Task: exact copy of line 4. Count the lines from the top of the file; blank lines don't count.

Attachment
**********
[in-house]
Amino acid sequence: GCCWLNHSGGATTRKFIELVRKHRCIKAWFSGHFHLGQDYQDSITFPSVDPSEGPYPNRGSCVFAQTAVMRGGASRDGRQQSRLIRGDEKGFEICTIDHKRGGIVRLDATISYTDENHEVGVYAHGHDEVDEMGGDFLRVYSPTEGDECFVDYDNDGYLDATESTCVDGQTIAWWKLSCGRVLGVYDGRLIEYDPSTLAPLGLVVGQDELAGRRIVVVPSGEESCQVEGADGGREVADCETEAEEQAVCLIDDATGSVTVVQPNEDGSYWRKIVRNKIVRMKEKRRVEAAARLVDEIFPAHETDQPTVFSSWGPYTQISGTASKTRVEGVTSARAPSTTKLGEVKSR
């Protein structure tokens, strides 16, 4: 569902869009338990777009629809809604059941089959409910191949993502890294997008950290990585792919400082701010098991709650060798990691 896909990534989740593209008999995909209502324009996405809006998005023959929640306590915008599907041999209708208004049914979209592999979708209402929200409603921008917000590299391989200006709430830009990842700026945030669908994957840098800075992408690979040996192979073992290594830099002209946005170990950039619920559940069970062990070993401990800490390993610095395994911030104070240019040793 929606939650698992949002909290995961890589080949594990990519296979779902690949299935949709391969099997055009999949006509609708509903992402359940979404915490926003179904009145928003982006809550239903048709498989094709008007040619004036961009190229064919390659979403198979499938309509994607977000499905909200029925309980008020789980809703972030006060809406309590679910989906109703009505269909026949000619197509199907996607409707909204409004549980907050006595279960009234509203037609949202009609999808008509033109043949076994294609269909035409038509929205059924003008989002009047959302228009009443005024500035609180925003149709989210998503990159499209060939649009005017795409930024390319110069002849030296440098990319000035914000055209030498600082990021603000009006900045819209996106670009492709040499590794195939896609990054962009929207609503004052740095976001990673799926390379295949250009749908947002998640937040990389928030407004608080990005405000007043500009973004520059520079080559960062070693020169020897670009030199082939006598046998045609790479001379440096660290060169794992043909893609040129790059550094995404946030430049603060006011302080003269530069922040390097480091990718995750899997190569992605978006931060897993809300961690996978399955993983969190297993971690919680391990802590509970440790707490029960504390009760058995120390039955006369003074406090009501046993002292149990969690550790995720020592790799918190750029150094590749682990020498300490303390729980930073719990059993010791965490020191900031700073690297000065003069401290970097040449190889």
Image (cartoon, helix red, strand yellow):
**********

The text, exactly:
Image (cartoon, helix red, strand yellow):